Hike in petrol, diesel rates after global oil price jump. Image Source: IANS Infographics

New Delhi, Jan 13 : Petrol and diesel prices rose sharply by 25 paise per litre on Wednesday after oil marketing companies decided to break the momentary pause in the wake of a sudden spike in the global oil prices.

Accordingly, in the national capital, petrol was sold at the new record high level of Rs 84.45 from the previous days of Rs 84.20 a litre while diesel price increased to Rs 74.63 per litre as against Rs 74.38 a litre earlier.

Across the country as well the pump price of petrol and diesel increased on Wednesday but the quantum varied depending on the prevailing tax structure in each state.

Auto fuel price rise was on hold for the last five days after the petrol and diesel prices had increased on two successive days last Wednesday and Thursday taking gasoline to record high levels in Delhi while keeping its prices very close to record high levels in other metro cities.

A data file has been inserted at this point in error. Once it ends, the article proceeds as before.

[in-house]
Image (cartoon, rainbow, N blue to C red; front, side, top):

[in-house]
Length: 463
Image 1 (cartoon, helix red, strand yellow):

But, the OMCs ran out of patience on Wednesday as global crude prices have risen sharply lately taking benchmark Brent crude price to over $57 a barrel now and rising. The rise is primarily on account of Saudi Arabia's decision on unilateral production cuts to balance oil prices on pandemic affected demand reduction in an oversupplied market.

At Rs 84.45 a litre in Delhi, petrol price has breached the highest level in the national capital after October 4, 2018, when the rate had risen to Rs 84 a litre.

The OMCs' patience of holding back fuel prices was broken last week on Wednesday when they increased the retail price of petrol and diesel for the first time this year after over a month-long pause.

Petrol price was very close to breaching the all-time high level of Rs 84 a litre (reached on October 4, 2018) when it touched Rs 83.71 a litre on December 7, 2020. But the march had been halted ever since then with no price revision by the OMCs.

Oil companies executives said that petrol and diesel prices may increase further in coming days as retail prices may have to be balanced in line with global developments to prevent OMCs from making losses on the sale of auto fuels.

-- The story has been published from a wire feed without any modifications to the text

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